There is great disparity in the distribution of wealth among nations of the world. National well-being, as measured by commonly accepted indicators such as infant mortality, child malnutrition, life expectancy, and literacy rates correlate well with national wealth, which in turn correlates well with energy consumption. Developed industrial nations rank high in national well-being, but on a per capita basis, own a disproportionate share of world wealth, and consume a disproportionate share of the world’s energy. Economic growth correlates well with growth of energy consumption in both rich and poor nations, and conversely, reductions in energy consumption correlate with economic decline. When energy consumption is expressed as a function of GNP instead of a per capita basis, developed nations are more efficient in use of energy than poorer ones.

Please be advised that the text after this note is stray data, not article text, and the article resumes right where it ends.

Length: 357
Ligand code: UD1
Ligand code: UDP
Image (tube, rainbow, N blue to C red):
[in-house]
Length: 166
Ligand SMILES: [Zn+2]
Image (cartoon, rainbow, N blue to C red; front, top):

Fossil fuels furnish 90% of the worlds energy (oil and gas supply 63%), and their use has grown by 14% over the last decade (oil and gas use is up 19%). Long range concerns about depleting resources of fossil fuels, and more immediate concerns about increases in atmospheric carbon dioxide produced by their combustion and the postulated ill effects of global warming, weigh against continued increase in use of fossil fuels and favor alternative energy sources. Examination of alternatives suggests that none, other than possibly nuclear and hydropower, both in environmental and political disfavor, offer hope for supplying more than a fraction of demand. Hence either natural limits on use of fossil fuels set by depleting resources, or artificial limits, in an effort to control carbon dioxide emissions as tentatively agreed to in Kyoto and Buenos Aires, stand in stark contrast to the need for more energy consumption to improve the economic development of all nations and particularly the poorer ones.
This paper explores these relationships, and identifies some of the hard choices which lie ahead, and will inevitably impact the use of oil and gas.